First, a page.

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Silent Snow, Secret Snow Essay

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Bertonneau is a Temporary Assistant Professor of English and the Humanities at Central Michigan University, and Senior Policy Analyst at the Mackinac Center for Public Policy. In the following essay, he surveys the various critical interpretations of Paul's mental disturbance in Aiken's "Silent Snow, Secret Snow."

Critics do not interpret Conrad Aiken's short story "Silent Snow, Secret Snow" (1934) in a literal way. Upon initial examination, they consistently regard the story as something other than what it is. Thomas L. Erskine, for example, in his 1972 psychoanalytical interpretation of the story, claims that "Silent Snow, Secret Snow" is about the "balance" between "two worlds" and the "discovery" that results by leaving one to enter the other. For Erskine, each of young Paul Hasleman's deformed or defamiliarized perceptions of the world amount to an "epiphany," an intense vision with deep symbolic meaning.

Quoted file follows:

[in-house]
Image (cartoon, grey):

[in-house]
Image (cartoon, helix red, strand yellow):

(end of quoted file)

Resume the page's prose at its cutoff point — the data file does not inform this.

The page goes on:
Appreciating the story on purely aesthetic grounds, Elizabeth Tebeaux...

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This section contains 1,503 words
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Silent Snow, Secret Snow from Short Stories for Students. ©2005-2006 Thomson Gale, a part of the Thomson Corporation. All rights reserved.